Submitted by Tyler Durden on 04/23/2015 15:16 -0400
Earlier today we brought you the story of Texas Department of Public Safety trooper Abraham Martinez, whose flying jumpkick has now been officially enshrined in the annals of police dash cam history. As it turns out, we have The Austin American Statesman to thank for the footage. The newspaper recently took an in-depth look at the Texas DPS’ use of force during pursuits. Here’s an excerpt:
The trooper who shot and kicked him, Abraham Martinez, last year received a minor penalty for the incident — three days off without pay. Yet the fact that a traffic infraction could escalate into a lengthy, high-speed motorcycle pursuit ending in gunshots provides a graphic illustration of how a relatively permissive DPS culture of use-of-force during pursuits is out of step with evolving national standards, experts said. A leading researcher on police pursuits, University of South Carolina criminal justice professor Geoffrey Alpert, called the agency’s policy permitting troopers to shoot at fleeing vehicles “stupid.”
Fortunately, no one was killed in that particular incident, but as we’ve seen recently — the most poignant example being the shooting death of a fleeing, unarmed Walter Scott by a South Carolina officer earlier this month — running from the police can end fatally. Incidents like that which unfolded in South Carolina have inflamed already fragile race relations across the US and now, former Alabama state trooper Orrin Hudson has a simple message for African Americans who are confronted by the police: “I’ve said it before, and I’ll say it again: In a situation with the police, it’s not immediately about who is right or wrong, it’s about staying alive.”
Here is the 6-year police veteran’s “Open Letter To Unarmed African Americans”:
Too many unarmed African American men are losing their lives to white police officers, and most of the time justice is not being served. But even if justice is served, a valuable life has already been lost…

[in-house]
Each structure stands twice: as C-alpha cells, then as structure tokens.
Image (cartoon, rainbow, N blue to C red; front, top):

1) Don’t run. Although running from the police should not be a death sentence, it often ends up this way. So don’t do it! Doing so will heighten the aggression of an officer, especially if he/she is not sure if you are armed. It also puts them in a position where they have to make spur-of-the-moment decisions, which increases the chance of an officer deciding to end your life. So stay put!
2) Show respect at all times. A police officer’s duty is to serve and protect, but if he/she is out of line or bullying you, continue to be respectful. Say “sir” and “no sir,” and “may I” and “thank you!” These will keep the situation from escalating. If the officer is violating your rights in any way, you can fight this matter at a later and safer time.
3) Keep your hands where they can be seen. Do not make the officer feel threatened in any way. At all times, keep your hands visible. Many police officers, especially white police officers, will feed into stereotypes. They may be assuming that you have a weapon just because you are Black or because they feel you look like you are up to no good!
4) You have the right to remain silent. If you feel that you are being wrongfully arrested, you do not have to speak on it as this likely will not change the officer’s mind. Keeping quiet protects you legally, and also keeps the situation calm and peaceful.
5) Sign the ticket and leave. If you are being pulled over for speeding, simply sign the ticket and leave. Signing the ticket does not mean that you are admitting guilt; its only a promise to appear in court on the date listed on the ticket. Arguing with the officer about it will only make the situation worse, and perhaps raise his level of aggression.
Mr. Hudson now runs a non-profit organization that seeks to promote better decision making among urban youth and adults.